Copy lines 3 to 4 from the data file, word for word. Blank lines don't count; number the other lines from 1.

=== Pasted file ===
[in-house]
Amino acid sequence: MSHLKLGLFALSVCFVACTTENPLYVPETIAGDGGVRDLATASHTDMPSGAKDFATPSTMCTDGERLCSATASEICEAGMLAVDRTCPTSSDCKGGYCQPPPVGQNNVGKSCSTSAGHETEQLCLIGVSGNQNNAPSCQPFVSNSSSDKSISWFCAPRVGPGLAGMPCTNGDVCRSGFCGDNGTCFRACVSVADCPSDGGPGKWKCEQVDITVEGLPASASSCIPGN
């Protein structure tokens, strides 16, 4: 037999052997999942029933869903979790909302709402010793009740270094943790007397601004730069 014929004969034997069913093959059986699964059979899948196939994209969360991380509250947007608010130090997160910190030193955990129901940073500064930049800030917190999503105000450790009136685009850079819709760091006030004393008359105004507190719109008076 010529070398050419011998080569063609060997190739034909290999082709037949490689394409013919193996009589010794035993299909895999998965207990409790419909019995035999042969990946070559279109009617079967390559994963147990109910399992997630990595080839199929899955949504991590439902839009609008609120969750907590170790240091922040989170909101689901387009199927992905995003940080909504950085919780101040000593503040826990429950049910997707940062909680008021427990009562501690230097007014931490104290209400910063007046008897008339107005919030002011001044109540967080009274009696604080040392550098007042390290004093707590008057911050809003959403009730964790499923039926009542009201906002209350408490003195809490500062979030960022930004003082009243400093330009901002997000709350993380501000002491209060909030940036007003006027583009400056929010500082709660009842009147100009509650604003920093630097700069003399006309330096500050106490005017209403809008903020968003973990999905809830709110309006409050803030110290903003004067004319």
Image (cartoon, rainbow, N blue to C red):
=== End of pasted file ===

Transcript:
């Protein structure tokens, strides 16, 4: 037999052997999942029933869903979790909302709402010793009740270094943790007397601004730069 014929004969034997069913093959059986699964059979899948196939994209969360991380509250947007608010130090997160910190030193955990129901940073500064930049800030917190999503105000450790009136685009850079819709760091006030004393008359105004507190719109008076 010529070398050419011998080569063609060997190739034909290999082709037949490689394409013919193996009589010794035993299909895999998965207990409790419909019995035999042969990946070559279109009617079967390559994963147990109910399992997630990595080839199929899955949504991590439902839009609008609120969750907590170790240091922040989170909101689901387009199927992905995003940080909504950085919780101040000593503040826990429950049910997707940062909680008021427990009562501690230097007014931490104290209400910063007046008897008339107005919030002011001044109540967080009274009696604080040392550098007042390290004093707590008057911050809003959403009730964790499923039926009542009201906002209350408490003195809490500062979030960022930004003082009243400093330009901002997000709350993380501000002491209060909030940036007003006027583009400056929010500082709660009842009147100009509650604003920093630097700069003399006309330096500050106490005017209403809008903020968003973990999905809830709110309006409050803030110290903003004067004319």
Image (cartoon, rainbow, N blue to C red):